In the above code, the helper method CNDUnknown::Object needs to return the pointer to the CComponentVcr instance. A simple C trick that can be used is to reconstruct the pointer to the CComponentVcr instance based on the knowledge that the member variable m_NDUnknown has a fixed memory that is offset from the beginning of its parent class, as shown here:

 class CNDUnknown : public IUnknown  { public:    ...    CComponentVcr* Object()    {     return reinterpret_cast<CComponentVcr*>(       reinterpret_cast<BYTE*>(this) -         offsetof(CComponentVcr, m_NDUnknown));    }    ... 

The non-delegating implementation of IUnknown, that is, methods InternalQueryInterface, InternalAddRef, and InternalRelease, are similar to the ones we have seen many times in earlier examples. The only difference is that, when requested for IUnknown, QueryInterface returns a pointer to the non-delegating IUnknown, and not this. The code fragment is shown below:

 STDMETHODIMP CComponentVcr::InternalQueryInterface(REFIID iid,    void** ppRetVal)  {   *ppRetVal = NULL;    if (IsEqualIID(iid, IID_IUnknown)) {     *ppRetVal = static_cast<IUnknown*>(&m_NDUnknown);    }else    if (IsEqualIID(iid, IID_IComponentVideo)) {     *ppRetVal = static_cast<IComponentVideo*>(this);    }    if (NULL != (*ppRetVal)) {     reinterpret_cast<IUnknown*>(*ppRetVal)->AddRef();      return S_OK;    }    return E_NOINTERFACE;  }  STDMETHODIMP_(ULONG) CComponentVcr::InternalAddRef()  {   return (++m_lRefCount);  }  STDMETHODIMP_(ULONG) CComponentVcr::InternalRelease()  {   ULONG lRetVal = ( m_lRefCount);    if (0 == lRetVal) {     delete this;    }    return lRetVal;  } 

The logic for delegating unknown implementation is straightforward. A member variable can be used to obtain the desired indirection to the actual IUnknown implementation.

 class CComponentVcr : public IComponentVideo  { private:    IUnknown* m_pUnkActual; // actual unknown to be invoked  public:    // IUnknown interface (delegating IUnknown)    STDMETHOD(QueryInterface)(REFIID iid, void** ppv)    {     return m_pUnkActual->QueryInterface(iid, ppv);    }    STDMETHOD_(ULONG, AddRef)()    {     return m_pUnkActual->AddRef();    }    STDMETHOD_(ULONG, Release)()    {     return m_pUnkActual->Release();    }  }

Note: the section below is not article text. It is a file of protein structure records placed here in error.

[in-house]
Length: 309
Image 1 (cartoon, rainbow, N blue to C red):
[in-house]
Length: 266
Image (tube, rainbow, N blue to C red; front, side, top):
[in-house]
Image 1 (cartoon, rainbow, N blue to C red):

Variable m_pUnkActual needs to point to either the outer unknown (in case of aggregation) or to the non-delegating unknown (if used as a standalone object). The code below defines an initialization method on the object. The parameter passed is the pointer to the outer object, in the case of aggregation, or NULL, if used as a stand-alone object.

 class CComponentVcr : public IComponentVideo  { public:    HRESULT Init(IUnknown* pUnkOuter);    ...  };  HRESULT CComponentVcr::Init(IUnknown* pUnkOuter)  {   if (NULL == pUnkOuter) {     m_pUnkActual = &m_NDUnknown;    }else {     m_pUnkActual = pUnkOuter;    }    return S_OK;  } 

So how would a component know if it is being instantiated as a standalone object or as an inner object? Obviously, this information has to be available in the IClassFactory::CreateInstance method so that the implementation can construct the object appropriately.

COM designers had already considered the possibility of component reuse using aggregation. Recall that the IClassFactory::CreateInstance method had three parameters:

 HRESULT CreateInstance([in] IUnknown* pUnk, [in] REFIID riid,    [out, iid_is(riid)] void** ppv); 

So far, we took the first parameter for granted and just passed a NULL value. Now, it is time for us to pass a nonNULL value as the first parameter.

COM specifies that, if IClassFactory::CreateInstance is invoked with a desire to aggregate, the first parameter should be a pointer to the outer object.

Recall that in the case of aggregation, the inner component needs to return a pointer to the non-delegating unknown. Also recall that, in our implementation of InternalQueryInterface, we return a non-delegating unknown only if the requested interface is IID_IUnknown. Otherwise, we would need to create a non-delegating vtbl layout for every interface that is requested.

To ease the development pain, COM further mandates that, in the case of aggregation, the requested interface be restricted to IID_IUnknown. That is, if the first parameter to CreateInstance is nonNULL, the second parameter has to be IID_IUnknown.

These specifications apply not only to IClassFactory::CreateInstance, but also to its corresponding API function, CoCreateInstance.

With these specifications, our function CreateInstance can be implemented as follows:

 STDMETHODIMP CComponentVcrClassObject::CreateInstance(   IUnknown* pUnkOuter,    REFIID riid,    void** ppV)  {   *ppV = NULL; // always initialize the return value    if ((NULL != pUnkOuter) && (IID_IUnknown != riid) ) {     return E_INVALIDARG;    }    CComponentVcr* pVCR = new CComponentVcr;    if (NULL == pVCR) {     return E_OUTOFMEMORY;    }    HRESULT hr = pVCR->Init(pUnkOuter);    if (FAILED(hr)) {     delete pVCR;      return hr;    }    hr = pVCR->InternalQueryInterface(riid, ppV);    if (FAILED(hr)) {     delete pVCR;    }    return hr;  } 

Note that what we return is the non-delegating version of the unknown. If a stand-alone object is created, this is certainly appropriate. If an aggregate is being created, this is necessary to ensure that the inner object is AddRefed, not the outer object.